Last week I reviewed María-Mercè Marçal’s The Passion According to Renée Vivien; I’m delighted to bring you today some intimate insights into the translation of this novel from Helena Buffery, who co-translated it with Kathleen McNerney.
How did you discover this novel, and what made you want to translate it?
Helena Buffery: The novel was one of the earliest contemporary Catalan texts I read when it first came out in the 1990s and really impressed me at the time for the audacity of the writing: this is a novel that takes on the Republic of Letters and explores it from the margins, creating a rich, polyphonic, and spatially and temporally diverse world from the fragments and traces of a (meticulously researched) life. It reads beautifully; culminating with the breathtaking final chapter, which I could not quite believe was constructed entirely from fragments of Vivien’s poetry (but I can now promise you that this is the case). Back then, when I had the time to travel quite regularly to Paris and Barcelona, I was fascinated by the different perspectives the novel offered on quite familiar spaces. I remember being transported into a richly nuanced, complex and believable world.
I returned to the novel more recently as someone with a great deal of interest in the way minority literatures (and particularly Catalan literature) travel, and having written on these issues from the perspective of cultural (in)visibility and (un)translatability. Given the recent increase in translations of Catalan literature and also of Iberian and Latin American women’s writing, I was very interested in exploring why a figure as important María-Mercè Marçal – a supremely charismatic and openly lesbian poet, translator, feminist thinker, essayist and activist to whom numerous Iberian writers profess their debt – had such a limited presence in English (beyond poetry magazines and anthologies).
Why do you think such an important and recognised piece of work hasn’t been published in English before now?
I think a significant factor is the subject matter, the fact that it is by a Catalan author but not explicitly about Catalan culture (no Barcelona, no Civil War, little reference to any Catalan landscapes). Another factor, I believe, is that it is written against English (understood, as in the sense of Vivien’s own process of self-translation, as a form of resistance and rebellion against the normative, the hegemonic, the neo-colonial). Having looked more closely at the German, Italian and Spanish translations, I began to consider the possibility of translating elements of the novel (as I think many of the chapters work as stand-alone pieces, in the manner of sketches or even short stories), and it was then that I bumped into Kathleen McNerney at a conference on Marçal in Cambridge and learned that she had begun translating the novel many years before, but had been unable to find a publisher. Kathleen is widely recognised as a pioneer translator of Spanish and Catalan women’s writing – she began translating Marçal back in the 1980s (selected poems from Bruixa de dol/Witch in morning appeared in the Catalan Review in 1986), and collaborated with her in events on feminist writing in Barcelona. We corresponded for a while before agreeing to co-translate; Kathleen was in touch with the Maria-Mercè Marçal Foundation to enquire about rights and permissions, and then was able to secure a series of writing retreats to work on the novel.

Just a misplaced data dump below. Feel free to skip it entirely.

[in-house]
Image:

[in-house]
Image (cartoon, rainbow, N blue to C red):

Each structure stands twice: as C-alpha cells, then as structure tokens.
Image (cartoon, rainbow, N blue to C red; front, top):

Once you had made the decision to embark on this project, how did you and Kathleen McNerney approach the co-translation?
We agreed to split translation – with one of us (me in the end) focusing initially on Sara T.’s narrative and the other (Kathleen) translating the other voices. We then swapped and revised each other’s work, as well as meeting together in Barcelona and Cork to discuss overarching issues (how to translate certain key terms, what to do about the intertextual references, the translations of the poems, and so on). Once all the pieces were together, I took responsibility for editing and correcting the whole text and ensuring cohesion. This was very much helped by the fact that I am very familiar with the Maria-Mercè Marçal archive in Barcelona, so I have read all of the notes, readings and drafts that are preserved as traces of her creative process, and I also undertook further research on the different voices included in the novel. In some cases, such as the prologue and first chapter, for instance, this led to quite extensive adjustment, in order to bring out the subtle irony that pervades the Catalan original (Woolf’s Mrs Dalloway was the key inspiration here). In other cases, such as the exquisite Kerimée chapter, the writing is pretty much entirely Kathleen’s.